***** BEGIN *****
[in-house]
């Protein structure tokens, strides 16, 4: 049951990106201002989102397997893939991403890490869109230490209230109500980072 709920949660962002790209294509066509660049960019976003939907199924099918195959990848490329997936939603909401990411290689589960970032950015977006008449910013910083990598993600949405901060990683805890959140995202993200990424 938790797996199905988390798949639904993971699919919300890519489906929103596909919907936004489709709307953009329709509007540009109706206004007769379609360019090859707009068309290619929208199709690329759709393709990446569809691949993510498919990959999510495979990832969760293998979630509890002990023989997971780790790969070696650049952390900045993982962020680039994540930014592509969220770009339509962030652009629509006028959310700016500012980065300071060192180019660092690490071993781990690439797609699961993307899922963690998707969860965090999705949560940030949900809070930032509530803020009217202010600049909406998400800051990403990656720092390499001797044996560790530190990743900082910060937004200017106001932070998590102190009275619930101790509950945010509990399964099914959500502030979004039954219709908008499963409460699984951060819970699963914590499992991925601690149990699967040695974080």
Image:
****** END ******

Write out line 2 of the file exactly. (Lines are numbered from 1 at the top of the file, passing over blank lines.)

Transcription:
């Protein structure tokens, strides 16, 4: 049951990106201002989102397997893939991403890490869109230490209230109500980072 709920949660962002790209294509066509660049960019976003939907199924099918195959990848490329997936939603909401990411290689589960970032950015977006008449910013910083990598993600949405901060990683805890959140995202993200990424 938790797996199905988390798949639904993971699919919300890519489906929103596909919907936004489709709307953009329709509007540009109706206004007769379609360019090859707009068309290619929208199709690329759709393709990446569809691949993510498919990959999510495979990832969760293998979630509890002990023989997971780790790969070696650049952390900045993982962020680039994540930014592509969220770009339509962030652009629509006028959310700016500012980065300071060192180019660092690490071993781990690439797609699961993307899922963690998707969860965090999705949560940030949900809070930032509530803020009217202010600049909406998400800051990403990656720092390499001797044996560790530190990743900082910060937004200017106001932070998590102190009275619930101790509950945010509990399964099914959500502030979004039954219709908008499963409460699984951060819970699963914590499992991925601690149990699967040695974080």